Dmitri Sitkovetsky, music director of the Greensboro Symphony Orchestra and international violin virtuoso, has a long history of making creative transcriptions of keyboard works of Johann Sebastian Bach (1685-1750) for string instruments. His imaginative approach is described in the program note to his 1985 Orfeo recording of his string trio version of the Goldberg Variations, S. 988: “The parts for violin, viola, and cello are not divided in the context of a Baroque string ensemble supported by a basso continuo. The three equal partners function here like the different registers of a single instrument.” Sitkovetsky’s string version has been very widely performed.

This Rice Toyota Sitkovetsky & Friends season finale concert took place in the intimate and warm acoustics of the Recital Hall of the University of North Carolina Greensboro. It featured cello concerto soloist Zuill Bailey with Sitkovetsky on violin on both works performed. The other musicians were principal players in the orchestra. In prefatory remarks from the stage, Sitkovetsky said he had been preparing to make a new recording of his string trio version of the Goldberg Variations and needed something to fill out the disc. He had made a string transcription of Bach’s Two-Part and Three-Part Inventions and found the later 15 Sinfonias (S. 787-801) a perfect fit. In addition to equal treatment of the three instruments, he said he had “toyed” with the parts to add virtuoso effects. Most of the fifteen pieces are under 2 minutes in length.

The players for the string trio arrangement of Bach’s Three-Part Inventions were violinist Sitkovetsky, principal violist Scott Rawls, and Bailey. Intonation was excellent. String tone was rich and warm while their use of dynamics was refined. The clarity of contrapuntal lines was a constant pleasure. I have a fondness for the harpsichord’s lute stop. Perhaps that was the origin of the delightful juxtaposition of the cello’s pizzicatos in No. 5 against the singing duet of the violin and viola. Every invention had some winning aspect.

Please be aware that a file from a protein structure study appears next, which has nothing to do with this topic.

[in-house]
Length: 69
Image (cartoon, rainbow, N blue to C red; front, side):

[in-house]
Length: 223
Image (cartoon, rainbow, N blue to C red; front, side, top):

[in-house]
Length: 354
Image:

The concert ended with a teaser, a performance of four of the six movements of the Serenade No.1 in D, Op. 11 by Johannes Brahms (1833-97). Brahms originally scored the piece as a nonet for winds and strings in 1857. Recognizing the orchestral character of the work, he expanded it for woodwinds in pairs, four horns, two trumpets, timpani, and strings. The composer destroyed most of the score but modern composer Alan Boustead has reconstructed the original nonet version for violin, viola, cello, double-bass, flute, two clarinets, bassoon, and French horn.

The full six movements would have run over 45 minutes. Promising a future performance of the full-sized orchestra version by the GSO, Sitkovetsky omitted the second and third movements (a Scherzo and Adagio) choosing the opening Allegro moto, fourth movement Menuettos I and II, fifth movement Scherzo, and the Rondo Allegro finale. The players were violinist Sitkovetsky, violist Rawls, cellist Bailey, with double-bassist John Spuller, flutist Debra Reuter-Pivetta, clarinetists Kelly Burke and Ed Riley, bassoonist Carol Bernsdorf, and Bob Campbell on French horn.

This partial performance of the reconstructed nonet version of Op. 11 was charming with its suggestion of hunting serenades. Campbell spun out superbly the Haydn-like horn tune early in the first movement. The outdoorsy quality of the work, especially in the opening movement, was perfectly conjured up by the ensemble. Every player contributed considerably to boisterous spirits of the serenade with individual and ensemble playing of the highest quality.

It is too bad Op. 11 is the least performed of Brahms’ orchestral works. It was last heard in this area when Leonard Slatkin programed it when his Saint Louis Symphony toured in Spring 1986 at Duke University’s Page Auditorium, among others.

This concert was preceded by a concert featuring a string orchestra from Penn-Griffin School for the Arts in High Point. Each year the musicians of the GSO perform a two-week residency coaching students at three of the local high schools annually. This string orchestra performed without conductor with GSO principal players leading each string section. The display of talent was promising. The hard surfaces and overhang of the lobby tended to act as an amplifier. Perhaps some soft rugs could soften the sound in the future?